What mistakes do I make most with writing?

This post in response to the Thanet Creative Writers theme for the competition. It’s not an entry (that would not be fair) but I thought I would address the prompt anyway.

Where do I even start? What mistakes don’t I make might be a shorter post.

You see, I am a dyslexic writer. That means that while I am trying to get my ideas onto the page I have to fight a whole host of limitations and quirky disabilities in order to gt what is in my head in such a way that it can be in your head too.

As Vicky Morris says:

…our difficulties mean we often work much slower and, despite our best efforts and all the will in the world, we will miss things and make mistakes more often than non-dyslexics.

How I write

When I write a scene I am not just writing the scene I also see the scene that will call back to it and the way it will play into the final act. For example, when I wrote the first part of Legend, I wrote “In a far off land, many years ago, there was a dark and malevolent being whose name was secret from all” and while I was constructing that sentence it was also the end of the story I was making. I promise that you have no idea where this story is going but it will take your breath away.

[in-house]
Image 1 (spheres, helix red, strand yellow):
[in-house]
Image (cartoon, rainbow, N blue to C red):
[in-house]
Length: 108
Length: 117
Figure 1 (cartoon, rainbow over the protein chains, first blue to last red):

When I am thinking about how Malial interacts with the mermaid (that part will be published soon) I am also thinking about how this will shape the end stage. I am also setting up seven other scenes that this will make way for.

In “That story with the cat in” I put a conversation in chapter two where Lilly asks what Jack likes. While I was adding a joke about how creepy Dave was being I was also setting up an entire chapter and the entire second half of the novel. There is an entire character that shapes the story for this novel and the next one too and all that is created in that conversation.

And I do all that by typing the exact same way I would say it.

So, I get a lot of quirks in my writing. For example, I start sentences with “so”, “also” or “for example” far more often than maybe good style suggests that I should.

Also, my fingers don’t go as fast as my mind does. I type faster than anyone I know (as fast as some people talk) and still I type “taht” instead of “that”, “tot he” instead of “to the” and I do it all the time. The only advantage to talking with my fingers by typing is that words have a rhythm when I type and I don’t need to remember what the letters are as long as I can remember the rhythm of the words on the keyboard.